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J Allergy Clin Immunol. 2002 Nov;110(5):721-7.

Estimation of the dose of fluticasone propionate inhaled by infants after bronchiolitis: Effect on urinary cortisol excretion.

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1
Department of Child Health and Institute of Lung Health, University of Leicester, Clinical Sciences Building, Leicester Royal Infirmary, United Kingdom.

Abstract

BACKGROUND:

Information on the dose of steroid infants inhale from spacer devices and its potential effect on adrenal suppression is limited.

OBJECTIVE:

We sought to determine the total dose of fluticasone propionate (FP) inhaled from a spacer device (Babyhaler) with face mask attachment by infants recovering from acute bronchiolitis and the effect of inhaled FP on the infants' overnight urinary cortisol/creatinine ratios (UCCRs).

METHODS:

Infants studied were recovering from acute bronchiolitis. In study 1, 22 infants inhaled 150 microg of FP through the Babyhaler. The likely inhaled dose was estimated by trapping it on a filter held within the face mask. In study 2, 40 infants had UCCRs measured before and during 3 months of treatment with either FP (150 microg twice daily, n = 20) or placebo (n = 20).

RESULTS:

In study 1 the mean +/- SD dose of captured FP was 12.8 +/- 6.9 microg (ie, 2.1 +/- 1.2 microg/kg). In study 2 the pretreatment UCCR medians (interquartile ranges) were as follows: FP, 22.8 (23.0) nmol/mmol; placebo, 24.0 (28.3) nmol/mmol. Within-group UCCR changes (median and interquartile range DeltaUCCR) were significantly different in the FP group (-8.9 and -20.6 nmol/mmol at 6 weeks and -12.6 and -25.9 nmol/mmol at 12 weeks, respectively; P =.0008) but not in the placebo group ( -5.8 and -10.7 nmol/mmol at 6 weeks and +0.3 and -17.9 nmol/mmol at 12 weeks, respectively; P =.45). Intergroup changes were insignificant in the follow-up period (6 weeks, P =.52; 12 weeks, P =.19).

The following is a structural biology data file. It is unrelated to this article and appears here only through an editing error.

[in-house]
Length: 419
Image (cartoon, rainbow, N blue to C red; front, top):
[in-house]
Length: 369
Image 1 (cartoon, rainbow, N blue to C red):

CONCLUSION:

After bronchiolitis, infants are likely to inhale approximately 8 % of the nominal steroid dose from the Babyhaler. UCCRs can be used to monitor the bioavailability of inhaled steroids in young infants.

PMID:
12417880
DOI:
10.1067/mai.2002.128858
[Indexed for MEDLINE]

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